The Right Kind of Veto
IT'S in the Contract With America. The House has passed a version of it. Most Senate Republicans, and a lot of Democrats, want it. President Clinton is begging to have it.
So why is passage of a ''line-item veto'' so much in doubt in the Senate? Perhaps because, with Mr. Clinton likely to sign just about any version that reaches his desk, senators want to get the details right.
Congress holds dear its power of the purse; in giving the president more ability to cut pork-barrel spending, it doesn't want to give away the store.
For a time, it looked as though the Senate would choose between two competing Republican bills that would give the president more power to make ''rescissions,'' that is, to send portions of legislation back to Congress for reconsideration. Legislation from Sen. John McCain (R) of Arizona most closely matches a bill passed by the House Feb. 6. This ''enhanced'' rescission would require a two-thirds vote to override any spending cuts made by the president.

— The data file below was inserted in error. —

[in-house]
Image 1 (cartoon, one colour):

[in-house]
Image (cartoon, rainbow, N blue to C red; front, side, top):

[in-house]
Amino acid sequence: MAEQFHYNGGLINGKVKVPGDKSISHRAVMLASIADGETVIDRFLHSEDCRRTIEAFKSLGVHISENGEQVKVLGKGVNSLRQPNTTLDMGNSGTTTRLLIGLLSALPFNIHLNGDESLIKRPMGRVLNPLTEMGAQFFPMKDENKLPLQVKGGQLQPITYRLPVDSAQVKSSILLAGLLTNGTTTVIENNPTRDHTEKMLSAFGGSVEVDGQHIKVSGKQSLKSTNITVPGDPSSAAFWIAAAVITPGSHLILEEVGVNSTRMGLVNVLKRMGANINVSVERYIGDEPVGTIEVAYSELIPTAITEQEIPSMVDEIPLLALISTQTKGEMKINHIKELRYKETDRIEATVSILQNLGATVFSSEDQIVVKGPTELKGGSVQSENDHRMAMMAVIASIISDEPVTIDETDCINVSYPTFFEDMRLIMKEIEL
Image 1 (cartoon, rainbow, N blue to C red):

But many senators worry that this would give too much power to the president. A bill from Sen. Pete Domenici (R) of New Mexico would have granted ''expedited'' rescission and required only a majority vote to override the president. Senator Domenici argued that his bill puts enough of a spotlight on pieces of pork to keep senators from overriding the president too easily. His measure found support among some Democrats, but lost the conservative Republicans, who saw it as too weak.
Now Republicans are exploring yet another approach called ''separate enrollment.'' In it, appropriations bills would be ''atomized'' into separate bills, one for each item of spending, after they were passed by Congress but before they go to the president. The president could then rescind any of the individual parts.
Democrats are expected to offer yet another rescission plan this week.
While any version would likely be of some help, the most useful bill would expand rescission power beyond appropriations to include tax provisions and new entitlements. It would have a ''lockbox'' feature, requiring the money saved to be applied to reducing the deficit.
And it would allow the president not only to eliminate entire items but also to trim them back, if he chooses.
Giving the president more power to rescind isn't going to solve the deficit problem, but every little bit helps.